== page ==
Andrew Cuomo Denies Report Detailing Book Deal Allegations, Due Process 'Not Afforded'

A spokesperson for former New York Governor Andrew Cuomo denied allegations included in a report released Monday that said Cuomo used state resources while working on the book he released while in office last fall.

The report was released by the New York State Assembly Judiciary Committee, which began investigating allegations involving Cuomo in March, several months before the Democrat resigned from office. The report came less than two weeks after New York Attorney General Letitia James began releasing transcripts from her office's investigation into sexual harassment allegations made against Cuomo.

The committee's report was completed by a team of attorneys with the New York City-based Davis Polk & Wardwell, LLP. Among its conclusions were that Cuomo "engaged in multiple instances of sexual harassment," "utilized state resources and property" while working on his book, and "was not fully transparent regarding the number of nursing home residents who died as a result of COVID-19."

Andrew Cuomo Rich Azzopardi
Former New York Governor Andrew Cuomo's spokesperson responded to the New York State Assembly Judiciary Committee's recent report on Monday. Above, Cuomo is photographed while declaring a state of emergency due to ongoing violence on July 6, 2021, in New York City. Spencer Platt/Getty Images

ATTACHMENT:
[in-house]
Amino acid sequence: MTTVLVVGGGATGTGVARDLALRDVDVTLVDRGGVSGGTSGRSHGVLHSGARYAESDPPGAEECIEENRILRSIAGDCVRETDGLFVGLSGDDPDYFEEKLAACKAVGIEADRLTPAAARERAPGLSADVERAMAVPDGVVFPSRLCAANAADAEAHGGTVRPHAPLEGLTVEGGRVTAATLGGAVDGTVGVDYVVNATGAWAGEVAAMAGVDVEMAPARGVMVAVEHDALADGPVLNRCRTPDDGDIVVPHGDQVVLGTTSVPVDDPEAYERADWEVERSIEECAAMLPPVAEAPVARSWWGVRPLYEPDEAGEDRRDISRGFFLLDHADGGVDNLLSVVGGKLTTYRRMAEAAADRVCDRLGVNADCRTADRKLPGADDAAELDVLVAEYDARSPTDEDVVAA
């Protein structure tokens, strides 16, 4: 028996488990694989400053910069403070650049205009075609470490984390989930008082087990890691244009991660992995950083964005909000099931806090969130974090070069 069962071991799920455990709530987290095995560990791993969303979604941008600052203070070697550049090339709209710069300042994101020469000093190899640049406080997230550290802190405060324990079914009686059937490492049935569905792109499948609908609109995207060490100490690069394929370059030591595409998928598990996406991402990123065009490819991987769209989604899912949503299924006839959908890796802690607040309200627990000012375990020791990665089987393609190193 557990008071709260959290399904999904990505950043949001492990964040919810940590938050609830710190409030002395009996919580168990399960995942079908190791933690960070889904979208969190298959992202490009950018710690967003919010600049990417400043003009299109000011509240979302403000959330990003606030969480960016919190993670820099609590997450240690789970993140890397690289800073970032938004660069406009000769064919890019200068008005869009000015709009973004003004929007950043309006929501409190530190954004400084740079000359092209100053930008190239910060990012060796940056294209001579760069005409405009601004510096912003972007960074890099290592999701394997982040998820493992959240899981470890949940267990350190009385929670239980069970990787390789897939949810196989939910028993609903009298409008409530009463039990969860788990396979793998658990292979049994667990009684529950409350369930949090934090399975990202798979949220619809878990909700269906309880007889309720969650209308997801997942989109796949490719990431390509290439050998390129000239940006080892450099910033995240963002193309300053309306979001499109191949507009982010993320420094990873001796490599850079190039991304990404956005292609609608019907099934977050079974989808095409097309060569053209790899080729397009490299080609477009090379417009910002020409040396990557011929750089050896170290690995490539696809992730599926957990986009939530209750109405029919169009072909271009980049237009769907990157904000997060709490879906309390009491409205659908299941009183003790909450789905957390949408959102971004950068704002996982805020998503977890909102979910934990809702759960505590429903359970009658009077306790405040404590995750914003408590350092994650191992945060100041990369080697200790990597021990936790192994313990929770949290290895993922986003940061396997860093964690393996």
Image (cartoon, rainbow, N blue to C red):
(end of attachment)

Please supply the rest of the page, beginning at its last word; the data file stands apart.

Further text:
Rich Azzopardi, a spokesperson for Cuomo, pushed back against the report's findings in a statement shared with local media outlets following its release. Azzopardi said Cuomo's team has "not been allowed the opportunity to review evidence in the Assembly's possession" and added that "due process was certainly not afforded here."

One of the paragraphs included in Azzopardi's statement focused specifically on allegations related to the former governor's book, American Crisis: Leadership Lessons from the COVID-19 Pandemic, which was released in October 2020. The Assembly Judiciary Committee's report found Cuomo used state resources, which it said included work conducted by Executive Chamber staff members, "to write, publish and promote his book – a project for which he was guaranteed at least $5.2 million in personal profit."

Azzopardi said the individuals referred to in the committee's report volunteered their time and were contributing to Cuomo's book project because they were mentioned within the text and were thus "involved to make sure the representations concerning them were accurate."

"Staff who volunteered took time off, evidencing that they were volunteering and not on state time," Azzopardi said. "Any suggestion to the contrary is Assembly hype."

Azzopardi's statement went on to say the committee's report was "hypocritical" and "revisionist," and concluded by saying, "The truth will come out.

When reached for comment regarding Azzopardi's statement, the office of Assembly Judiciary Committee Chair Charles Lavine directed Newsweek toward a statement that was included in a press release detailing the report's findings.

"This has been an historic undertaking and one that the members of the Judiciary Committee took on with extreme diligence and thoughtfulness," Lavine said in the statement. "I would like to thank all the members of the committee as well our counsel at Davis Polk for their hard work. The former governor's conduct – as shown in this report – is extremely disturbing and is indicative of someone who is not fit for office. I hope this report helps New Yorkers further understand the seriousness of the allegations that have been made and serves to guide us to a more ethical and responsible government. New Yorkers deserve no less."